In Apulia, the breadbasket of Italy, there lies a no-man’s land populated by tens of thousands of modern-day slaves. In this gray area, men and women rise before dawn and pile onto buses and vans that shuttle them from the ghettos to the countryside. For a few euros per day, they ensure the Italian food industry carries on smoothly. Here, rights have not been suspended: They simply don’t exist.
New revelations released yesterday by the rights group CGIL Puglia bring into relief the troubling abuses taking place in Apulia, the region at the heel of Italy’s boot. According to the 300-page report, “Agriculture and migrant labor in Apulia,” most of the farms, landowners and temp agencies there bypass Italian labor laws, keeping workers in shanty towns and paying many of them just €15 per day.
The raw data tell the story. Of 1,818 inspections on Apulian farms by the Ministry of Labor in 2014, “925 (about 50 percent) were completed with irregularities.”
The consequences of those violations are borne by the farm laborers, an increasing number of whom are foreign, seasonal migrants. In Apulia, “the total number of contract workers in 2013-2014 increased from 180,748 to 181,273, an increase of 525 (+0.3 percent).” The proportion of foreigners in total rose from 21.9 percent in 2013 to 22.5 percent in 2014,” of whom the proportion of non-E.U. workers is “gaining ground, passing from 33.9 percent to 34.7 percent of the total.”
The widespread violations are part of a cruel equation: more profits for farmers equal starvation wages for laborers. Millions of euros flow into the coffers of companies operating with total disregard for the law. “The amount of money that cycles through this perverse system of illegal hiring practices, just during the period of tomato harvesting, ranges from €21 million to €30 million,” according to the report.
This isn’t a new phenomenon in the Apulian countryside, but in recent years shadowy practices have been increasing exponentially, even to the point of brutality and violence, erasing fundamental human rights.
Workers employed in the fields are almost always undocumented migrants who live in one of 55 Apulian ghettos. The 40 most populous house 100 people. Each earns about €400-500 per month. But their meagre income isn’t all their own. Traffickers extract a €1-2 daily commission and €5 to drive them to the fields. They also profit from housing (which costs about €200 per month per person), food (€2-3 upcharge on the price of a sandwich) and even recharging mobile phones (€3 for a charge). The report calls this exploitation slavery.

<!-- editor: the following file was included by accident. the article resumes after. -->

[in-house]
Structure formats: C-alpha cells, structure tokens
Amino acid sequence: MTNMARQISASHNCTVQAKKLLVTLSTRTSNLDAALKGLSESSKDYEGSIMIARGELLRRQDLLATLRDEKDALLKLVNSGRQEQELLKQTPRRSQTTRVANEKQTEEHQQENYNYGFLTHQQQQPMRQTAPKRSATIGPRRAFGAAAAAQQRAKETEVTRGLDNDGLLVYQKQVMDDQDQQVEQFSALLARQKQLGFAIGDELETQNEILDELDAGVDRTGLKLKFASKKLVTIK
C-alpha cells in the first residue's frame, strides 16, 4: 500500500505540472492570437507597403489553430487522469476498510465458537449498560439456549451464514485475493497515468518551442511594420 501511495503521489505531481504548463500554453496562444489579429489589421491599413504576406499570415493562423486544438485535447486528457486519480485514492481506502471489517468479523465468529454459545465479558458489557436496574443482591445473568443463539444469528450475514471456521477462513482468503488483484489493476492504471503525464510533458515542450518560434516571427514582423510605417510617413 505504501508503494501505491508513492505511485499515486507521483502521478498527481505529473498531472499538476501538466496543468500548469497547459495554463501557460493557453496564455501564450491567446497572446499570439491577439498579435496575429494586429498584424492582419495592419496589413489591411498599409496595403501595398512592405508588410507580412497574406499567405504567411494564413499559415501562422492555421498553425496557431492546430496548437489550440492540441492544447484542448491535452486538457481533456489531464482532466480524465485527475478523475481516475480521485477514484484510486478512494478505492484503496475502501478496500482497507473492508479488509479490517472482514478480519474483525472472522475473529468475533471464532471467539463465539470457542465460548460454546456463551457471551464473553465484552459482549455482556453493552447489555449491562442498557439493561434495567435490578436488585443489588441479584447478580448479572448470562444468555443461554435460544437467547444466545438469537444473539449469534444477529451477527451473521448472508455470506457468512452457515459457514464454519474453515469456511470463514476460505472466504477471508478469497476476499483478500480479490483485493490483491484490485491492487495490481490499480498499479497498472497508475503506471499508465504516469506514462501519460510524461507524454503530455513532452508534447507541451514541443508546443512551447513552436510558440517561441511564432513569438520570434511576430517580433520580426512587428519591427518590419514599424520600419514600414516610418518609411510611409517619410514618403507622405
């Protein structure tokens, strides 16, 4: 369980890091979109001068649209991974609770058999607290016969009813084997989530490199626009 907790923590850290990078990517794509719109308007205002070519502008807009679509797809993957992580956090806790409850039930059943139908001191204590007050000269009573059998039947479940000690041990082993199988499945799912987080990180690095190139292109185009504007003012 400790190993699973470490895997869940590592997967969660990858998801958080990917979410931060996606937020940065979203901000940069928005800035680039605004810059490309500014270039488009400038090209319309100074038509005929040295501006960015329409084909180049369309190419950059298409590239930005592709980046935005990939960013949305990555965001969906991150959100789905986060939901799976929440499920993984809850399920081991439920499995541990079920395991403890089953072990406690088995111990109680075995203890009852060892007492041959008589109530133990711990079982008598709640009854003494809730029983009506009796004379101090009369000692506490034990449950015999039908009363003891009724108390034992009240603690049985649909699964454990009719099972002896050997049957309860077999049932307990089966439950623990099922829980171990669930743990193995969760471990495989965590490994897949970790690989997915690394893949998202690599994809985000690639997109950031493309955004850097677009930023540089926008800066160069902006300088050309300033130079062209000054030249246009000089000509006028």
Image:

Sociologist Leo Palmisano, who edited the report, stressed that this is a well-established and structured system. Activists know all about this, but it continues to horrify them.
The ghettos, self-built villages that almost always lack basic services like drinking water or electricity, are the main symbol of the atrocity. “It’s impossible for a laborer who earns €15-20 per day to rent a house,” the report reads. It’s not enough to file a complaint because officials sense no emergency; the laborers are “invisible in the eyes of local governments. … The agricultural production system is interested in cramming large-scale illegal hiring into only a few places, far from the eyes of the community and indifferent even to law enforcement.”
The slave labor ghettos are thus a consequence of the inability of national, regional and municipal governments to respond to the needs of laborers, who are physically worn down. The workers “increasingly have different muscle and joint diseases,” according to two groups, Emergency and Doctors for Human Rights.
To Giuseppe De Leonardis, the secretary of CGIL Puglia, the blame rests with the regulators. “The preference is to maintain appearances and not look for irregularities to safeguard the product,” the industry. “But it’s imperative to see these 50,000 migrant workers in Apulia. Even the dead” have not been a part of the regional discussion, he added, referring to workers who died last summer.
Susanna Camusso, a prominent trade union leader in Italy, shines the spotlight on temp agencies. “If we cleaned up the temporary companies, overall, I think we would do an extraordinary favor to the labor market.”